View of Laidaxai, Daniela Fernandez, Argentina, video game, 2021
In 2020, she developed and directed, Laidaxai, The Black Tree, a video game inspired by the story of the Primordial Tree of the Toba-Chaqueno people of Qom, with the help of community members from the Chaco region of northern Argentina. In the game, the protagonist Laidaxai must save her community from a strange disease by completing the ordeal of the Black Tree.
High in the sky and beneath the stars, an immersive installation by Laura Palavecino
Laura Palavecino is a professor-researcher in the field of game art and an image and sound designer. Her work brings together traditional art and technology, with the aim of provoking an emotional encounter with nature through different fields of knowledge: science, ancestral stories and the humanities. Laura Palavecino, an artist from the suburbs of Buenos Aires, Argentina, describes nature as a place both inside and outside of herself. In her work, she seeks to question the boundaries between play, art, design and narrative, through projects that make visible the control of interfaces, information, contemplation and visual poetry.
High in the Sky and Beneath the Stars is a work composed of a physical installation (a space materialized by a “magic circle” that we are invited to enter) and an immersive virtual space. Conceived as a posthuman landscape, the work brings together the four elements symbolized: water, earth, air and fire.
View of High in the Sky and beneath the Stars, Laura Palavecino, Argentina, immersive online space, interactive installation, 2021
In the virtual landscape, several animals stand out against the background of a starry sky: they are cardinal points that allow us to orient ourselves in the cosmos. While these species were chosen for their importance in the environment as well as in the ancestral stories told by the native people of Argentina, they are also indicators of the health of Latin American ecosystems currently threatened by deforestation, pollution, urban sprawl, monoculture and poaching. They are also a sacred value in some native cultures, notably among the Quechua, Guarani and Toba populations.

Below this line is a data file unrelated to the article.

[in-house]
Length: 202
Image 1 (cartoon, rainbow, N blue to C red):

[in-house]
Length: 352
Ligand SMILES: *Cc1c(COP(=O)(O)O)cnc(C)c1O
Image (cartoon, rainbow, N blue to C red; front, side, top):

High in the Sky and Beneath the Stars connects us with the Cosmos and life on Earth, while embodying the barrier that separates us from nature as thought by Modernity.
Water Divinity, a game installation by Henri Tauliaut
Artist and researcher, Henri Tauliaut is interested in the relationship between art and science, particularly in the fields of interactive art and bio-art. He exhibits and performs in the Caribbean, South and North America, France, Senegal and China.
Henri Tauliaut considers that it is vital for the development of Caribbean cultures that the people who come from them create their own images, representations and current myths. To anchor themselves, they need ancestrality, that is to say, to recognize their dead, ancestors and deities, in order to give them back a culture that is animist or totemistic:
“In order to center ourselves, we need founding myths with which we can really identify. In order to project ourselves and propose imaginaries where we are at the center, we need Afro-futurism, Native-futurism or any other new form allowing us to offer our youth positive and utopian visions of our future.
Finally, to take care of our communities, our people, we need to reconnect with ancient therapeutic, religious and metaphysical practices by giving them a current form integrating contemporary technologies and thus creating spiritual practices such as techno-shamanism or techno-voodoo.”
The fourth and final installation in the Interfaces video game series, Water Divinity Game consists of an interactive and immersive video game and installation created between 2020 and 2022. The objective of the game is to allow viewers to encounter Afro-Caribbean water deities.
In this work, players enter the heart of the Haitian pantheon and meet various Afro-Caribbean aquatic deities from the Haitian voodoo pantheon. In the second level, which takes place underwater, players are led on a quest to uncover the hidden secrets of the Veve in space. They will find the ship Immamou, the ship of the ocean god Agwe to take them there.
View of Water Divinity, Henri Tauliaut, Martinique, video game, interactive installation, 2022
Frailejonmetría Comparada Ech 1:1, Mapa De Relaciones Táctiles Ech 1:1 by Eulalia de Valdenebro Cajeao
Popayán Visual artist (Colombia) born in 1978, Eulalia de Valdenebro Cajeo is a botanical illustrator. She is a research professor at the Universidad Nacional de Colombia, and works from the link established with the vegetal beings. Her works are part of the research-creation of her doctoral thesis in Art and Ecosophy (Paris 8 University). All of this work was carried out in the Páramo, a typical macrodiverse ecosystem of the high mountains of the intertropical Andes, located near Bogotá, at an altitude of 3000 meters.